Global Commercial Overfishing – The Problem is Seriously Underestimated
A technological revolution that allows fishing vessels to catch far more fish than ever before, explosive population growth in coastal areas, subsidized fishing in industrialized countries, and an ever-increasing demand for fish products – are all contributing to a global overfishing problem. The consequences of global commercial overfishing for future generations we still cannot even imagine.
Fishing is the main source of living for more than 200 million people, especially in developing countries. According to several UN agencies, commercial fishery is the fastest growing food industry. However, other sobering statistics indicate that the world’s major fish stocks are under threat and increasingly endangered by overfishing.
The magnitude of the overfishing problem is often underestimated, especially against the backdrop of such commensurate problems as deforestation, desertification, wasteful energy use, and other factors of biodiversity depletion. The rapid growth in demand for fish and fish products led to the outstripping growth in fish prices as compared to the growth in meat prices. As a result, investment in fisheries has become more attractive to both private entrepreneurs and government agencies, which is seriously damaging small-scale fisheries and fishing-dependent communities around the world.
The problem persists because the development of global commercial fishing is driven by strong market forces. Increasing direct consumption of fish and seafood has contributed to the rapid expansion of the commercial fishing monopolies that effectively control the world’s fisheries.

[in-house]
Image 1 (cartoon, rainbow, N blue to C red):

Humanity runs the risk of being left without fish in 30 years
At the current rate of exploitation of the resources of the world’s oceans, by 2050 the reserves of fish and other seafood of the planet will be completely depleted. This conclusion was reached by an international group of scientists, which for four years studied 7,800 species of marine individuals in the global ecosystem. According to scientists, in 29 years the fish catch will fall by an average of 90% compared to 1950.
Experts say that the growing volumes of fishing sharply reduce the ability of the oceans for self-regulation, reproduction of resources, and resistance to global climate change. They have found that over the past millennium, in 12 regions of the planet 38% of commercial species of ichthyofauna, as well as birds, were on the verge of complete extinction. Moreover, such a destruction of the marine ecosystem has occurred in the last half-century.
In recent years, commercial stocks of sea bass, hake, cod, and flounder have declined by as much as 96 percent in the North Atlantic. Much to the dismay of the fishery industry, some of the recommendations include a complete ban on catching certain fish species in order to restore fish stocks.
According to the recent statistics, fish consumption has doubled over the past 50 years, from slightly less than 50 million tons in 1971 to 100 million tons in 2020, and is expected to reach 150 million tons by 2030.
As a result of over-fishing and low land-use efficiency, freshwater fish are among the species threatened by extinction too. Twenty percent of these species have either disappeared forever or are seriously endangered. Valuable commercial fish such as the coral-reef wrasse, Patagonian toothfish, Atlantic toothfish, giant shark, and whale shark may also be listed as endangered species.
Over the past 50 years, it is estimated that cod, tuna, sea bass, and sharks – the most valuable species in the oceans, have declined by 90 percent over the past 50 years. In Asia, the biomass of fish in coastal waters is only 8–12 percent of what it was a century ago.
We have to do something fast!
If the global community does not take concerted action, the health of the world’s oceans and the world’s most important fisheries will be irreparably damaged. Merely stopping all uncontrolled commercial fishing is not enough. To mitigate the consequences, we need to be proactive and start stocking activities along with cleaning the World Ocean from tons of garbage and industrial waste. Unfortunately, many of the fish species are irreversibly lost, and the World Ocean’s ecosystem has sustained major damage. Scientists of the world need to collaborate to find innovative ways to repair and revive the species that have not gone extinct yet.